CASE ANALYSIS OF B.P. SINGHAL V. UNION OF INDIA
On the suggestion of the Council of Ministers, the President of India removed the Governors of Goa, Gujarat, Haryana, and Uttar Pradesh on July 2, 2004. As a result, a writ petition in the form of a Public Interest Litigation was filed, requesting the reinstatement of the abovementioned Governors of the States. A Governor of a State is appointed by the President of India and serves 'during the pleasure of the President,' according to Articles 155 and 156 of The Constitution of India, 1949. In most cases, a Governor can stay in office for a maximum of five years. However, Article 74 requires the President to act on the advice of the Council and the facts that led to the Governors' removal. Second, a Writ of Certiorari was filed, demanding the quashing of the same order, as well as a Writ of Mandamus, requesting the removal of Ministers, allowing the Governor to continue in office in accordance with the wishes of the Central Government in power. In the current case, the petitioner first demanded the production of papers and then that the four Governors be permitted to serve out the remainder of their five-year terms. This case was heard by a four-judge constitutional bench of India's Supreme Court.
Central Public Information Officer, Supreme Court of India v. Subhash Chandra Agarwal: Right to Information and Judicial Independence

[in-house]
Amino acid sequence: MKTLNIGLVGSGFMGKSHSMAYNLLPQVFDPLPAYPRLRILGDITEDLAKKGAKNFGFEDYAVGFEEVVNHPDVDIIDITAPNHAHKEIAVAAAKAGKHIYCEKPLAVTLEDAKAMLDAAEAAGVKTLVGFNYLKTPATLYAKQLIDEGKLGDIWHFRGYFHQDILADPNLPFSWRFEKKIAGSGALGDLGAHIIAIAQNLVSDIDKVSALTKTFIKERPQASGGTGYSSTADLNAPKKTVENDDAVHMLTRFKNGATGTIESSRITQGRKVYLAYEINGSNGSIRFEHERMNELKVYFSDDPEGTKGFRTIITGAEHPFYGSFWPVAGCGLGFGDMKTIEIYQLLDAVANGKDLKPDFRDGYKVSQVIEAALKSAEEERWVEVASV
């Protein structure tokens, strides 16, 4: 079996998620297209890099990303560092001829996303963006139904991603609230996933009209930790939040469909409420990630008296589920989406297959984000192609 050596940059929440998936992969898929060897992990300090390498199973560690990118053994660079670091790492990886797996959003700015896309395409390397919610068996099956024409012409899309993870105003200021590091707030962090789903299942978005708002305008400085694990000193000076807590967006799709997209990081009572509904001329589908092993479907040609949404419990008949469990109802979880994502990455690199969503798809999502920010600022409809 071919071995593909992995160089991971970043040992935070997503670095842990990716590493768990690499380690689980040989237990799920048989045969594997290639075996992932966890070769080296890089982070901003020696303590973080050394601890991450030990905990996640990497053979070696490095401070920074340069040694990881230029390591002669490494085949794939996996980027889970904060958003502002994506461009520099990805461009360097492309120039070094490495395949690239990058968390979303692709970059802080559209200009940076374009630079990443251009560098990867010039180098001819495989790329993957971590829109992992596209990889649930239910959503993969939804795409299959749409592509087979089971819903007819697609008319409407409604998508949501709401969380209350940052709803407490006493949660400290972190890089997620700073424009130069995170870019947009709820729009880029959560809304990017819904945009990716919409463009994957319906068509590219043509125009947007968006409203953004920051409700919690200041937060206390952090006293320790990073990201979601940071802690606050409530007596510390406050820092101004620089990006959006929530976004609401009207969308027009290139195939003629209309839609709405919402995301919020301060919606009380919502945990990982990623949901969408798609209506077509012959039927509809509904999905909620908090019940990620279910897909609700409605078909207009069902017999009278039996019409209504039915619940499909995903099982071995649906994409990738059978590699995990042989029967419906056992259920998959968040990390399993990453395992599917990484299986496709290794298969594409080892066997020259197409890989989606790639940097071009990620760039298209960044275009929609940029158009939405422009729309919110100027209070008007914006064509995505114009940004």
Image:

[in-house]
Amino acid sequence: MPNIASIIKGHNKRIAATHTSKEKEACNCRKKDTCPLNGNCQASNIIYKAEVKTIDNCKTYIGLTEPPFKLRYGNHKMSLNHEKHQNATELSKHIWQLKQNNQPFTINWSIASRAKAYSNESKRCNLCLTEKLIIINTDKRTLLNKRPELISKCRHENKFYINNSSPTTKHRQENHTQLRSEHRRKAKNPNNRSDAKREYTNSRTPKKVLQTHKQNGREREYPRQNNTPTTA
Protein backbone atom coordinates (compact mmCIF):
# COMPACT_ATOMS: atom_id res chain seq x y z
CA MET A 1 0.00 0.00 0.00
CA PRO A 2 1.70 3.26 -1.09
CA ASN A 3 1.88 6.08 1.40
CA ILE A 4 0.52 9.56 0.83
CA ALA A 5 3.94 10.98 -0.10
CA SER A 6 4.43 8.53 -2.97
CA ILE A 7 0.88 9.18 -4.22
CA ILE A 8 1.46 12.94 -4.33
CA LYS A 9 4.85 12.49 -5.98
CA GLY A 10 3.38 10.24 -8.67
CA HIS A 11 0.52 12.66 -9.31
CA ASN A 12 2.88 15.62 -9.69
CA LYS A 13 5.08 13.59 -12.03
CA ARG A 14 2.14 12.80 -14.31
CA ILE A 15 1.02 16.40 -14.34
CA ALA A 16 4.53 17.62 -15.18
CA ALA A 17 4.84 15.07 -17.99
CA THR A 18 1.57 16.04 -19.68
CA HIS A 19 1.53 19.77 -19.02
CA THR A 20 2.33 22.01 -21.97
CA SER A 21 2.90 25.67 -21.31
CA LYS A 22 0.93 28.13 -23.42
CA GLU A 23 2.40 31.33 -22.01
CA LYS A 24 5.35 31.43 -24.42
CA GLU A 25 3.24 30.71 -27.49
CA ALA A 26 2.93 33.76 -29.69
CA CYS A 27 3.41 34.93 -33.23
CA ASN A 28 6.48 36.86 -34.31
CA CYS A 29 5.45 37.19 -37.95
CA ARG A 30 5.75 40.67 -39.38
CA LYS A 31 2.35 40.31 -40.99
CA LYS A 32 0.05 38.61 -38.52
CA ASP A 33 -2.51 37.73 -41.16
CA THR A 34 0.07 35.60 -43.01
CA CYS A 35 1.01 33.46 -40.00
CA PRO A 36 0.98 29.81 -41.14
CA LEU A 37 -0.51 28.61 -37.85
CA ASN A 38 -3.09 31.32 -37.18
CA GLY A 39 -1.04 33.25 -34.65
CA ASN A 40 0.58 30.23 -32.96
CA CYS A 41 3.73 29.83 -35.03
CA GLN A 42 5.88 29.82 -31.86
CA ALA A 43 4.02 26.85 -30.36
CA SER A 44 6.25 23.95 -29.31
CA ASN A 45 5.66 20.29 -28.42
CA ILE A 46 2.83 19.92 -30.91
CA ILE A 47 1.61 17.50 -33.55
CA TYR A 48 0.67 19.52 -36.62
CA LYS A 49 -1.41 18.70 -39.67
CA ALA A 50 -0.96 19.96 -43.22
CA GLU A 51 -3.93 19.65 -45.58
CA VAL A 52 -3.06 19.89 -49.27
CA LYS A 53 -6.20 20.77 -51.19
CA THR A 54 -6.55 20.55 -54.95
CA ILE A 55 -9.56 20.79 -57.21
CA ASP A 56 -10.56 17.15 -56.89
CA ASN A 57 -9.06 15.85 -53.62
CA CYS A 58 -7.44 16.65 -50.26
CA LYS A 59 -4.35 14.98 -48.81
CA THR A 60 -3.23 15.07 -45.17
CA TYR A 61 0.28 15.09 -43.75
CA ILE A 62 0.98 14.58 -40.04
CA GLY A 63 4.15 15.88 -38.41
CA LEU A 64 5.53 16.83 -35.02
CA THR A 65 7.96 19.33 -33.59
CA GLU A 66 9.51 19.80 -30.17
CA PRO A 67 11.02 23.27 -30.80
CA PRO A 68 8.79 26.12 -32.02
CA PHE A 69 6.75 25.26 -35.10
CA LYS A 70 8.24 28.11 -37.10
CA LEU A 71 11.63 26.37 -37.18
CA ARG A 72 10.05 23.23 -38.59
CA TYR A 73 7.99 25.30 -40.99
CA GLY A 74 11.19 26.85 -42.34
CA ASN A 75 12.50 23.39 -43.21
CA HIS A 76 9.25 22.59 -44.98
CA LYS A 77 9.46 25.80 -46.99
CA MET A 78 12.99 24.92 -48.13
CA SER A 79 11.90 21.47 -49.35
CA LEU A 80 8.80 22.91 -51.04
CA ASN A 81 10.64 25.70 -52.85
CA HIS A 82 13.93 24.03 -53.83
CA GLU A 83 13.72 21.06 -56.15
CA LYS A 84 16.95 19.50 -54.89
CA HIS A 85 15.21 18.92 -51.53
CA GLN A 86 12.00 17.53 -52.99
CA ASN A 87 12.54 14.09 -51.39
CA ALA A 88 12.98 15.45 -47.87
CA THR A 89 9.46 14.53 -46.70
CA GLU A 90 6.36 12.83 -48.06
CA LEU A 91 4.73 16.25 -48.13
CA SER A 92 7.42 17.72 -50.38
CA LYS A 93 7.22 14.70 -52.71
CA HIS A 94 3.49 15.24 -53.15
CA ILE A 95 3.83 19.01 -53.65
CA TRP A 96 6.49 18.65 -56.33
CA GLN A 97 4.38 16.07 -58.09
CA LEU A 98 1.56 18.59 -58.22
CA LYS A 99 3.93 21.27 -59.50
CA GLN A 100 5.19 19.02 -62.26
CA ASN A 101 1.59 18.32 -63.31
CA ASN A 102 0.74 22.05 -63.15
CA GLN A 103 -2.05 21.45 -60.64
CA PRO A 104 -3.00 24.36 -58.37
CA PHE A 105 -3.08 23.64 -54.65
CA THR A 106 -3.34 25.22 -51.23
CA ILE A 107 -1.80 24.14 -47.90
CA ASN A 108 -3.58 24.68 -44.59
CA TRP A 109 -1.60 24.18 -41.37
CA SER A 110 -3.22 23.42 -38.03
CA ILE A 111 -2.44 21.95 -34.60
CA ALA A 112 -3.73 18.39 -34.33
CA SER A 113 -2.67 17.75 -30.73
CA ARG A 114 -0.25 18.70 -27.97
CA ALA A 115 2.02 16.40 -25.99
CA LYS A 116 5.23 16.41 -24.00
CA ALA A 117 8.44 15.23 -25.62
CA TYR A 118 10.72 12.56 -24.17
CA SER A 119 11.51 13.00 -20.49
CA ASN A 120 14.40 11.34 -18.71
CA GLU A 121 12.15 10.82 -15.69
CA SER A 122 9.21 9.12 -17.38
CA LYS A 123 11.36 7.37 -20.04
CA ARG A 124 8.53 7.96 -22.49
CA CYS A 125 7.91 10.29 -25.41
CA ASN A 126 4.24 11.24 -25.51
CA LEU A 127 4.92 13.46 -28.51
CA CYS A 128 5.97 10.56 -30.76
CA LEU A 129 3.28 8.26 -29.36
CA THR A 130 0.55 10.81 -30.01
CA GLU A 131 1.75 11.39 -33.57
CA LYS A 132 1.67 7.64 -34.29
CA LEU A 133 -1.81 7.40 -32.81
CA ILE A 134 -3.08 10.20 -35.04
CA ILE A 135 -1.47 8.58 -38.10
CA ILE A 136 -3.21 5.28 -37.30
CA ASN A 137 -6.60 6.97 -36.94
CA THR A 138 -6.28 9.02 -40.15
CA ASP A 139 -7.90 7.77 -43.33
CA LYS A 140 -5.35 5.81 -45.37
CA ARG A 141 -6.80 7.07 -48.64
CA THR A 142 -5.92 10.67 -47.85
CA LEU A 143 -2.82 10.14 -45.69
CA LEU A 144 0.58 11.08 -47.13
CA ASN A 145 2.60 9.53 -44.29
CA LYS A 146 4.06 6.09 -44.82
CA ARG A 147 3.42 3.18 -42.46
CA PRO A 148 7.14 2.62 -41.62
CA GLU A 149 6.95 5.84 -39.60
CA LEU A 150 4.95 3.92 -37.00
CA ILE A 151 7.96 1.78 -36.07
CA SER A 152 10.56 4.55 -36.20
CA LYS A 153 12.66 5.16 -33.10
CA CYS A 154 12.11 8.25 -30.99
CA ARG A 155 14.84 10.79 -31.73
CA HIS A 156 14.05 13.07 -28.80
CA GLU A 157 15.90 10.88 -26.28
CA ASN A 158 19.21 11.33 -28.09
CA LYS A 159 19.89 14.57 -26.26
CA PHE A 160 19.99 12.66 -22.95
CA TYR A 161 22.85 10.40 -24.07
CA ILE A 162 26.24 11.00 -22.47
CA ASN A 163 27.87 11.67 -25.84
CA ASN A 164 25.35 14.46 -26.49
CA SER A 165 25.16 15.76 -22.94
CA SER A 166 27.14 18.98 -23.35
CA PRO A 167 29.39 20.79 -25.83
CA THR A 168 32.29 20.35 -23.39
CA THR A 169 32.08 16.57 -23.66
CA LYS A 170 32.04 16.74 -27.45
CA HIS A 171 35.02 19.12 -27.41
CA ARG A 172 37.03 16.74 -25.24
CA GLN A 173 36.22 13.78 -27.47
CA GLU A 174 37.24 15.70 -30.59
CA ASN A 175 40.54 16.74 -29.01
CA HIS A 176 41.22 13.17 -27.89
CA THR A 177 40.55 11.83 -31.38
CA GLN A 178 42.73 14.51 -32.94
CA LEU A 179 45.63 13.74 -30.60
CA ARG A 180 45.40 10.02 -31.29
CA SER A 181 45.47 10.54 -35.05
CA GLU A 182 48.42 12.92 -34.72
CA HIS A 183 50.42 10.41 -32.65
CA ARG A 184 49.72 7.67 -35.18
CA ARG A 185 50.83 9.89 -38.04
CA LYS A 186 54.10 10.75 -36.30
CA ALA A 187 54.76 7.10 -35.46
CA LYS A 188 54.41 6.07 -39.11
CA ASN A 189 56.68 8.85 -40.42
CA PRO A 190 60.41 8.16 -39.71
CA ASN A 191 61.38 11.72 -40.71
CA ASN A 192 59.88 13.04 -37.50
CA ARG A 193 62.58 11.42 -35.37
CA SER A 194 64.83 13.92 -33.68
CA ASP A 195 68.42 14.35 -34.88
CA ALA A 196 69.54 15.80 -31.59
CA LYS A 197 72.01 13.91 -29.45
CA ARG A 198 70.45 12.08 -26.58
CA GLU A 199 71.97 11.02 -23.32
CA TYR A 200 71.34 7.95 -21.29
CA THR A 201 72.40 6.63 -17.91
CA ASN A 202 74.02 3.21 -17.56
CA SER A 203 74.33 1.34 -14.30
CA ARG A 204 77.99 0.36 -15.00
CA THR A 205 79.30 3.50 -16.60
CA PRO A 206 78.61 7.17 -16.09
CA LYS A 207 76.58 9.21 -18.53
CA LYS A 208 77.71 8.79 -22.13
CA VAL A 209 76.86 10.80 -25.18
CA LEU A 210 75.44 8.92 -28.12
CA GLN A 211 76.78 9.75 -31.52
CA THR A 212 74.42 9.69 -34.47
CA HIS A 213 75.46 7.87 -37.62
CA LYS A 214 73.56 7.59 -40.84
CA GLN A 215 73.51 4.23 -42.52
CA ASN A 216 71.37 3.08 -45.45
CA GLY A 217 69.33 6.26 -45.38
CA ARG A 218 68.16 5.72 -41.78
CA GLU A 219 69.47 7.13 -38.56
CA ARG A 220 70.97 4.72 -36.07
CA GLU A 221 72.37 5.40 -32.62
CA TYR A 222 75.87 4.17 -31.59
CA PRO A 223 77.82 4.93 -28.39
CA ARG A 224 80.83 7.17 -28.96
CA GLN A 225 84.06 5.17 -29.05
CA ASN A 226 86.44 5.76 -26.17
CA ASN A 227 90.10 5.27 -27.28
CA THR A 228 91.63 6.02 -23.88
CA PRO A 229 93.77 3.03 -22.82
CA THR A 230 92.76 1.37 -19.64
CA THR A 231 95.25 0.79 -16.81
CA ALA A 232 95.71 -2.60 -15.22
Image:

The citizen’s Right to Know is one of the significant ingredients of a democratic country. India demands transparent and accountable government to establish open and good governance. The sovereignty of India lies with ‘the people of India’. We choose our own representative therefore; it is our right to know about the machinery of the country. The need to control the mal administration of the government is important. Right to Information Act was formulated in 2005 which comes within the ambit of Article 19(1)(A) of the Constitution of India which ensures the fundamental right to Freedom of Speech and Expression. Many landmark judgments elaborated and clarified the concept of open governance. In the modern era, people are more vigil about their rights and they constitute the democracy. So, they expect the government to deliver. Central Public Information Officer, Supreme Court of India v. Subhash Chandra Agarwal, 2019, it was held by the Constitution Bench of Supreme Court that Supreme Court comes under the scope of “public authority”. Therefore, it is covered under Right to Information Act, 2005 (RTI Act). It is one of the landmark judgments which took a limelight in recent years.
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